I've had completely contrasting experiences with Whitewater Brewing in the past. First I was very impressed by their Clotworthy Dobbin (though I've yet to write about it), before things went a bit tits up with Belfast Lager. I'm interested to see how this one goes...

Sanity Claus pours a clear, light ruby red. It could easily pass for an Irish Red, in fact. The aroma really only comes alive when the beer warms up, producing lovely chocolate malt and liquorice notes. Interesting, and not at all what I expected. The taste is good too, with buttery fudge, woody malts and a nutty finish calling most of the shots, with hops providing a little bitterness and not much flavour. It's good, if a little low-key. I certainly wouldn't turn to this as a winter beer, let alone as my beer of choice for the big day itself.

The search goes on.

Tuesday, 18 December 2012

#106: Dungarvan Coffee & Oatmeal Stout

This being my first day of the Christmas holidays, it's only fitting that I present a Winter seasonal offering from Dungarvan, their Coffee and Oatmeal Stout, complete with snazzy new art deco labelling.

It pours a satisfying black with a tan head, although holding it to the light shows it's really dark brown. The aroma is deep and malty at first, with a sweet fruitiness and herbal notes emphasizing the disturbing lack of coffee. This absence is also noted in the taste, which is much more like the standard Black Rock stout than anything else. However, it's got a much lighter body than that particular beer, making it a bit less enjoyable.

Disappointing, but only because I expect a much higher standard from this brewer. Otherwise, it's an acceptable beer.

Sunday, 16 December 2012

#105: Rounding Up

These are my last two beers that aren't Christmas novelty or seasonal beers, at least for now. They were selected pretty much at random, just to make up the numbers in a 5 for €10 deal.
Thwaites IPA pours clear amber with a big soapy head. Slightly acidic hop notes are potent on the aroma, and there's a hint of bubblegum in there too. The taste isn't much like this. Rather, it's more like any number of forgettable English ales. Exceptionally boring balance of biscuit malt and hop highlights, it's rather flat in the flavour stakes. Still though, it's plenty drinkable, if unremarkable, and totally unlike any IPA I've ever had.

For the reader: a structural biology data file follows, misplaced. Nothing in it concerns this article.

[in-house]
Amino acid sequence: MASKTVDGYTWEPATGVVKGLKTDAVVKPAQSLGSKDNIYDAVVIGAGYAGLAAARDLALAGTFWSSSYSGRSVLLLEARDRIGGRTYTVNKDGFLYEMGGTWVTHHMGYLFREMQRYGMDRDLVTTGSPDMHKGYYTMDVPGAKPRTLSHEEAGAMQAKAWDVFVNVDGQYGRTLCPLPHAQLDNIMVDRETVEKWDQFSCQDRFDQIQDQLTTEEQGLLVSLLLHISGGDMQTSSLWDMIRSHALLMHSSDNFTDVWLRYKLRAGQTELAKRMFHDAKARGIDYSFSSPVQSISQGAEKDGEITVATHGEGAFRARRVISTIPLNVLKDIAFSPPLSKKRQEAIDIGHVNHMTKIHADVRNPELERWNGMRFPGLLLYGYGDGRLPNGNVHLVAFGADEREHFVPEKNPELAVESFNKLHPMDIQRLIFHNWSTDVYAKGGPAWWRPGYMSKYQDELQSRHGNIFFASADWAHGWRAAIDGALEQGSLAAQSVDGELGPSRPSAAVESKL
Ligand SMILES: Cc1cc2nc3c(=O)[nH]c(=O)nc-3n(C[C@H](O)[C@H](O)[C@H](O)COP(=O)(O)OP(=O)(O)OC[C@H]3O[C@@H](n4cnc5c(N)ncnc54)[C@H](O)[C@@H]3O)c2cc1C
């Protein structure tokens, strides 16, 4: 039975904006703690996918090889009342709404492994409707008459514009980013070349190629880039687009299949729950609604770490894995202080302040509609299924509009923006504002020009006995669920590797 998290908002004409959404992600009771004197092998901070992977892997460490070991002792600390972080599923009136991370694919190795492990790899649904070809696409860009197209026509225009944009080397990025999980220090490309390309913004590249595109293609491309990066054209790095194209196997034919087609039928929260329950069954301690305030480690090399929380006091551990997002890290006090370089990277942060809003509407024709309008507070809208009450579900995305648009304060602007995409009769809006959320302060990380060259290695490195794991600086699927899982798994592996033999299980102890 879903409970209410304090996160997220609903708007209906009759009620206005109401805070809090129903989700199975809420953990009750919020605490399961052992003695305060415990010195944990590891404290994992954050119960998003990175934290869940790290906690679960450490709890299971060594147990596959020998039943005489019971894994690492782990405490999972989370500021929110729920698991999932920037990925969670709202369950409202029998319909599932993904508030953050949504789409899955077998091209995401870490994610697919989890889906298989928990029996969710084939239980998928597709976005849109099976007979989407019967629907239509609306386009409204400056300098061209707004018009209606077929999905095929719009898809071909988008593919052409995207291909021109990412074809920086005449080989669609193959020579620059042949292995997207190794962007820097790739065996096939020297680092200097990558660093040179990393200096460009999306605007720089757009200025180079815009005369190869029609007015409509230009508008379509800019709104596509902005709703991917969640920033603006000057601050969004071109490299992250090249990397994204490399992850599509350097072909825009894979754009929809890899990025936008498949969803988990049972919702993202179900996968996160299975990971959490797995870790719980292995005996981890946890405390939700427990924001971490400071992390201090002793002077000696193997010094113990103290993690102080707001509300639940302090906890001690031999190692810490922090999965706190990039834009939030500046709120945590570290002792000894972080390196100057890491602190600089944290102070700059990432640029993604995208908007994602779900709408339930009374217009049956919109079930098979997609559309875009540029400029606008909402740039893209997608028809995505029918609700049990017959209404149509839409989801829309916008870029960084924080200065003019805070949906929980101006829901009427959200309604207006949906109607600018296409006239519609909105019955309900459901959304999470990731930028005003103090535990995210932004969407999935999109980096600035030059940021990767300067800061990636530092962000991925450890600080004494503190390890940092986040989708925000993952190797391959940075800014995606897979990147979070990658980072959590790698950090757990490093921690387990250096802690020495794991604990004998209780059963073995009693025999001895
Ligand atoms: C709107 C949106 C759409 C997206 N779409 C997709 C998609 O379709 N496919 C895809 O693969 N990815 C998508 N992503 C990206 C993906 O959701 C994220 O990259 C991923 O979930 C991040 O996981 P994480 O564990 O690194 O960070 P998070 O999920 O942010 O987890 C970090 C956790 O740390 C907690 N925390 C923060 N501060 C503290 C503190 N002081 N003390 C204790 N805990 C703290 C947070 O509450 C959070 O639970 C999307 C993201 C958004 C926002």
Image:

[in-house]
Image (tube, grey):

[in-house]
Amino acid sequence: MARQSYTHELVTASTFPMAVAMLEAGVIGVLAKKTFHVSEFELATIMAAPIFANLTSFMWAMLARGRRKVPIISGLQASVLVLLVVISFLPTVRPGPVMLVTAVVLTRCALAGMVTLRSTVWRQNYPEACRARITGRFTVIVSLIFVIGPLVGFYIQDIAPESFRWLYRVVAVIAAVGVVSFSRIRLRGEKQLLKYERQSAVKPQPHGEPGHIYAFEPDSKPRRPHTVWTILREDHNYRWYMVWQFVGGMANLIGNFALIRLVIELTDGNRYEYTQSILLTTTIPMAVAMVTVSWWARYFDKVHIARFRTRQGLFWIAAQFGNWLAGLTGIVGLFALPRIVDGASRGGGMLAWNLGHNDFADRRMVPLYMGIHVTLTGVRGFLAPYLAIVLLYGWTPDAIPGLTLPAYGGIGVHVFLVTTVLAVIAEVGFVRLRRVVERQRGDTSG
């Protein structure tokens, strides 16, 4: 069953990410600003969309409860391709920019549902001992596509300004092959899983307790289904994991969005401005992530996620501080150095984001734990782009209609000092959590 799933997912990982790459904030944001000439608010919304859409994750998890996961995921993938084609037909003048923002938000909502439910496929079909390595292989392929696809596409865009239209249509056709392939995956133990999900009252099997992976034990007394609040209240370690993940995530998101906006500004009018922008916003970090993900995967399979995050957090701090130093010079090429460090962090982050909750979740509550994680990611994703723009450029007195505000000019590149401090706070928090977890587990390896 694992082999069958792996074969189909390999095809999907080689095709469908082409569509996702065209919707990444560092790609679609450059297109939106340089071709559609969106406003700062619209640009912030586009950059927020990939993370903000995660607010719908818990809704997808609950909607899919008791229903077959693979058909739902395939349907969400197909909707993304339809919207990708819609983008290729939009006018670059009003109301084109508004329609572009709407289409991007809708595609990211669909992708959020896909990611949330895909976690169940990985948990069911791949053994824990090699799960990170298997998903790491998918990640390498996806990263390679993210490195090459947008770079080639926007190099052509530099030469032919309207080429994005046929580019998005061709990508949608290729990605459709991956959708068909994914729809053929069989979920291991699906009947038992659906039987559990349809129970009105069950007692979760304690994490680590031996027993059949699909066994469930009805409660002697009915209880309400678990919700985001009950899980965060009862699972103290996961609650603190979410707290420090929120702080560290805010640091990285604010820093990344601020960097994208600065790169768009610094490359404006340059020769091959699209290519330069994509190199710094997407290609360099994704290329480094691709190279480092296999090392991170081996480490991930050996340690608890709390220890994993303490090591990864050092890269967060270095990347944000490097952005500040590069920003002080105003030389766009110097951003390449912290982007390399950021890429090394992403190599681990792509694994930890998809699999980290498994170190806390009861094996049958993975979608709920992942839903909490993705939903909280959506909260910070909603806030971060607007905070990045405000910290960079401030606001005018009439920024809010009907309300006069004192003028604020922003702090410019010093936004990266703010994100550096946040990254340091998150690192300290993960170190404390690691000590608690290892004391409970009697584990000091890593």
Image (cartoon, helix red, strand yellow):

And I mean that in a bad way.

The other beer is Mariestads Export, a lager from Sweden. It seems to be pretty popular up there too, if that tells you anything. It pours the dark gold of a standard lager, it has the sweet, slightly corny malt aroma of a standard lager, but it's big surprise is it's thick syrupy malt character that dominates the taste. Amazingly, it manages to do that while still remaining completely forgettable. That being said, I must admit I was pretty satisfied to have this with my pizza.


Not the best pair you'll ever have, but you could do a lot worse.

Monday, 10 December 2012

#104: Fuller's London Porter

I picked this up as part of the 5 for €10 deal in Tesco at the moment, and it's one I've been thinking about for a while, considering my good experiences in the past with Fuller's London Pride and Black Cab Stout. The label on this one promises a rich, dark and complex beer, so let's have it.

London Porter pours pretty much black with a tan head, although you do get to see the ruby red hues when held to the light. The aroma is gorgeous, right off the bat. Herbal notes hit first, and they unwrap to reveal the sweet brown sugar, smoked woody malts and toffee notes. Coffee is in there too, and just the right amount. The taste is virtually the same as the aroma, but offers more dark fruits to compliment the dark roasted malt backbone of the beer. Hops can be found if you're looking for them, but rather like Trouble's Dark Arts, this is something of a malt bomb, and I'm all for that.